my life, happened when I was not quite seventeen years old. I wondered where she was. I thought about those letters, in a trashcan, in a dump, or in a fire. My hands were paralyzed beneath the hot-water tap and they were turning red.
“Do you need some help with those?”
It was Arthur. I didn’t dare face him; I tried to stop crying and I shook with the effort.
“I’ll grab a towel. You wash and I’ll dry,” Arthur said. He was standing next to me now. His shirt was open and the long dark hairs on his chest glistened with sweat. He glanced at me briefly—then dried the one dish in the drainer.
Desperately, I tried to compose a sentence in my mind: I guess I haven’t made much progress with these dishes, is what I came up with. But I couldn’t say it. My tears had become familiar to me yet I couldn’t control them. They had a life of their own. I washed another dish and handed it to my father and he dried it.
“David,” he said. I shook my head and he fell silent. We were silent for a few dishes, for all of the dishes, and then I began on the glasses. I was getting myself under control; my breathing was regular again. I glanced over at my father. His eyes were cloudy and his lips were pressed until they looked ivory and transparent. Oh God, I thought, with a flash of annoyance, he’s worried about me, he wants me to take him off the hook.
“I’m exhausted,” I said. It wasn’t much of an excuse but at least it was true.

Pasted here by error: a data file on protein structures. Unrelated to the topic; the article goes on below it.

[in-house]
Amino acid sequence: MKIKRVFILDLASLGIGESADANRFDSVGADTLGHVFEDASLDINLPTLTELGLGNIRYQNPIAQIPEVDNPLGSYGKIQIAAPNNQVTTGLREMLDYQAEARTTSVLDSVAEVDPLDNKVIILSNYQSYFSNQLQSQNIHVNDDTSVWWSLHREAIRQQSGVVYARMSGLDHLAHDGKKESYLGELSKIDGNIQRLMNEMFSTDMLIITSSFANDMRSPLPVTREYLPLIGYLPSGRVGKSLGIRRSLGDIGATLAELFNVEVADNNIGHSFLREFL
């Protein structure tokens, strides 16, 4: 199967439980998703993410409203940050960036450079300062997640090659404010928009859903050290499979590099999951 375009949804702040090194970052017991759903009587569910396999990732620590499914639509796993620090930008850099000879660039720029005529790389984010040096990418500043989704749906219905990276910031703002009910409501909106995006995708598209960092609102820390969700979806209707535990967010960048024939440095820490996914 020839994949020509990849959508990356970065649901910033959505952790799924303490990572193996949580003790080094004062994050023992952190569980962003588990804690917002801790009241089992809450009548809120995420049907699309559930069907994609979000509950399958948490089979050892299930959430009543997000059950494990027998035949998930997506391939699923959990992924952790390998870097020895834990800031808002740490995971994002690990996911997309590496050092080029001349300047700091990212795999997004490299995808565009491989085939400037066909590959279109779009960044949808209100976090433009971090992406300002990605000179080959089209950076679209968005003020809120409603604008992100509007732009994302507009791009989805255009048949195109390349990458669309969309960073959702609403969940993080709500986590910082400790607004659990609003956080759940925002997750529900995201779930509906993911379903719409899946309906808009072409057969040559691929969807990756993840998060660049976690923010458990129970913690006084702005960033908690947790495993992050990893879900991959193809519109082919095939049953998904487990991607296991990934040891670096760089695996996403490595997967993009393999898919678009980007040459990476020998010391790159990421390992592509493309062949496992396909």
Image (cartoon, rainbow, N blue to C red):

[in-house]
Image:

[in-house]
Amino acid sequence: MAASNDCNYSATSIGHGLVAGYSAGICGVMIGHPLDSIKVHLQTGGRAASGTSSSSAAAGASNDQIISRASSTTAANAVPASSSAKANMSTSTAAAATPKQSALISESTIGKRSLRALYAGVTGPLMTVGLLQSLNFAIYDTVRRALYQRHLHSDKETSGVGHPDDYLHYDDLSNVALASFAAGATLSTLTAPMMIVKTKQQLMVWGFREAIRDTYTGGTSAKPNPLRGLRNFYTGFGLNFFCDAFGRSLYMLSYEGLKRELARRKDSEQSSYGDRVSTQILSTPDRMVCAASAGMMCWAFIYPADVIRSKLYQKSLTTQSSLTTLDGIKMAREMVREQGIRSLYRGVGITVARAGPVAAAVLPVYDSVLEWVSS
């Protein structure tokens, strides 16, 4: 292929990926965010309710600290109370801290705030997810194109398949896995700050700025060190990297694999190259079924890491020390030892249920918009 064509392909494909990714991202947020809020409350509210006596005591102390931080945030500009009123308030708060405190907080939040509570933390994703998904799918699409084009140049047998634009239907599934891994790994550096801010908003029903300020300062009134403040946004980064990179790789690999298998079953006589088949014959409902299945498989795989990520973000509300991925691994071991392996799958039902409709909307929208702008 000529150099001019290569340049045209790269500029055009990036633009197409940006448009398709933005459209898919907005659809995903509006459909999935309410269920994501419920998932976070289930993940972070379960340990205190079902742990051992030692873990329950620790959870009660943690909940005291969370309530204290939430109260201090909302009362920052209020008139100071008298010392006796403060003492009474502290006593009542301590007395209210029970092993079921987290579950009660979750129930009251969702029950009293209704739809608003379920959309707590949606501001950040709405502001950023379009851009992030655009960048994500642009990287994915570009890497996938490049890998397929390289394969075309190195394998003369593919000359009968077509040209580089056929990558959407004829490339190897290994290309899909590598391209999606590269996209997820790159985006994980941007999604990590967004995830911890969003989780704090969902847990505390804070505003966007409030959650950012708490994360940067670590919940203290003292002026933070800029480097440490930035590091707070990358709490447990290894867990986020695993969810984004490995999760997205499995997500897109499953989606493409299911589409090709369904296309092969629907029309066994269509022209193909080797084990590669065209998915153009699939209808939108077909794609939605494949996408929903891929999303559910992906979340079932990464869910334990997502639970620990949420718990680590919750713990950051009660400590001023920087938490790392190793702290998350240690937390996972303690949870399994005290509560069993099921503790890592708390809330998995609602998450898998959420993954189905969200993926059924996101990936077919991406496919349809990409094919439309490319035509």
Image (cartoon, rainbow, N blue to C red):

He nodded, keeping his eyes on the hot glass in his hand. He turned the dishtowel around and around inside of it, until it cracked a little. “Talk to me, David,” he said, in a voice full of holes.
I knew how to avoid the curiosity—or even the concern—of others and could do it as easily as a cheat can deal off the bottom of the deck: it was basic, rudimentary, and sometimes I did it even when I didn’t altogether want to. I watched myself doing it. “What do you want to talk about?” I said.
“Anything. Whatever’s on your mind.”
I shrugged. I was going to start bawling again and I didn’t know how to stop myself—I didn’t know how to want to. I placed the sponge and a soapy glass on the side of the sink and pressed my hands over my face. I felt the tears running through my fingers, warm and oily.
“I wish I could help you.”
“I’m just very tired,” I said, though I don’t know if it was understandable. I was sobbing heavily now and speech was washed away.
“Is it the party?” Arthur asked. “Did you feel strange with all the people here?”
I shook my head.
“Tell me, David. Talk about it with me. Let me in.” He leaned forward and turned off the water.
“I’m in love,” I said, through my hands and tears.
He touched my shoulder. “I know, David,” he said. “I know.” Then—and I don’t know how to explain this—I heard something that he didn’t say, I heard, “I am, too.”
“What can I do for you, David?” my father asked. “Please. What can I do?”
I heard my mother come into the kitchen. I waited for her to say something but she felt excluded and shy. I turned to face her, with my red ugly eyes. She stepped back and touched her face, looking at me open-mouthed, both embarrassed and ashamed. I turned back toward the window. I felt the misery radiating inside of me, going deeper, getting fiercer and more immense, and I was suddenly very afraid that I wouldn’t be able to stand it. I rubbed my forehead; I clenched my teeth; and then, suddenly, horribly, without even a moment’s warning—or perhaps just
moment, a freezing, sweating instant—my insides contracted and sent spewing up the day’s gin. My vomit splattered onto the sides of the sink and sunk into the soap bubbles.